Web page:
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Betul District

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Betul is one of the main districts of Madhya Pradesh. It is bounded on the north by the district of Hoshangabad, the district of Amaroti of the state of Maharashtra on the south, the district of Chhindwara on the east, and the districts of Hoshangabad and East Nimar on the west.

The district covers an area of 10,043 square kilometers and it has a population of 1,395,175 (as per the 2001 census), making for a population density of 138 per square kilometer. Betul district is also particularly rich in tribal population; the main tribes inhabiting the place are the Gonds and the Korkus, although other castes include Kunbis, Kurmis, Chamars, Mehras and Rajputs, among others. As of the 2001 census, the tribal population of the district is 549,907.

There is not much history known about the district except that it is probably the center of the first four Gond kingdoms: Kherla, Garha-Mandla, Chanda-Sirpur, and Deogarh. These kingdoms flourished in 1398 until 1418, when the Sultan of Malwa, Hoshang Shah, invaded Kherla and reduced it to a dependency. Throughout the following centuries, various attempts were made to wrest the kingdom from the rule of Malwa, but they were wholly unsuccessful.

Eventually, the kingdom of Malwa was absorbed into the dominions of the emperor of Delhi. In 1743, the Maratha ruler of Berar annexed them to his dominions. This was eventually ceded to the East India Company as the Marathas payment for a contingent and was formally incorporated with the British possessions as stated in the treaty of 1826. When the territories were merged into the Central Provinces in 1861, Betul district was assigned as a part of the province’s Nerbudda Division.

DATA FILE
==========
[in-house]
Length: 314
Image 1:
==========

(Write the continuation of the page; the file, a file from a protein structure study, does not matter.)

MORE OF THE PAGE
The district of Betul has a mean elevation of 2000 feet above sea level. It is essentially a highland tract, divided into three distinct sections, differed by the soil characteristics, superficial aspects, and geological formation. The northern part has a distinct sandstorm plain formation. It is well-wooded and is highly reminiscent of charming English glades and parks, but it has very little in terms of population and is not well-cultivated.

The central tract of the plains, on the other hand, possesses a rich soil, with lands that are well watered due to the presence of the two rivers Machna and Sampa. The land is almost entirely populated by villages and is very well-cultivated.

The south is a rolling plateau of basalt formations. It extends over the whole of the district’s southern face, finally merging with the broken and wild lines of the Ghats, which eventually leads down the plain. This area consists mainly of stony trap rock ridges that enclose valleys or spots of fertile soils, where the cultivation, for the most part, is confined to. There are several major rivers flowing through the district. They are the Ganjal River (which is a tributary of the Tapti River), the Morand River, ad the Tawa River (which is a tributary of the Narmada River).

The district’s economy is primarily agragrian, based on forests since the district has a large forest cover. Industry-wise, Betul is well connected to the other districts by way of road and rail; the Delhi-Chennai Railway Line and National Highway 69 pass through the district. The district also has good telecom services.  Due to these, Betul is primed to be a major industrially advanced district.

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